Watch two videos -- Childhood Cancer Survivorship Overview, with Gregory Reaman, MD  and Late Effects of Childhood Cancer Treatment, with Lisa Diller, MD , adapted from this content.
There are about 12 million cancer survivors in the United States, many who were diagnosed when they were under the age of 21. Over the last thirty years, improved treatment strategies and better supportive care have resulted in increased survival rates for many childhood cancers. Today, 75% of children and adolescents with cancer will survive ten years or more after treatment.
The most common childhood cancers are:
- Leukemia, which accounts for 34% of all childhood cancers. Acute lymphocytic leukemia (ALL)  is the most common type of leukemia in children.
- Brain tumors and other tumors of the central nervous system  are the second most common childhood cancer and make up 27% of all childhood cancers.
- Lymphoma, both Hodgkin  and non-Hodgkin , makes up about 8% of all childhood cancers.
Read about other types of childhood cancer .
Statistics adapted from the American Cancer Society's publication, Cancer Facts & Figures 2011 and the National Cancer Institute.
Although most children are successfully treated for cancer, the treatment can cause side effects known as late effects that occur months, or even years, after treatment is completed. Late effects can occur almost anywhere in the body and include physical problems, such as heart and lung problems, and emotional and cognitive (memory, thinking, and attention) problems, such as anxiety, depression, and learning disorders. It is important for all children treated for cancer to get lifelong follow-up care.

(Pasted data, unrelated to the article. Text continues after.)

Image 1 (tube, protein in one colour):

The Children's Oncology Group (COG) has studied the physical and psychological effects that childhood cancer survivors face. Based on these studies, COG has established guidelines for the long-term follow-up of childhood cancer survivors at www.survivorshipguidelines.org .
In, 2003, the Institute of Medicine (IOM) released a report  entitled Childhood Cancer Survivorship: Improving Care and Quality of Life. This report describes the impressive advances in treatment for childhood cancers over the past three decades. In addition, it reviews the variety of late effects that survivors of childhood cancer may have, emphasizing the importance of continued follow-up care throughout their lives. Review more details about this IOM report. 
Cancer in Children 
Last Updated: July 18, 2011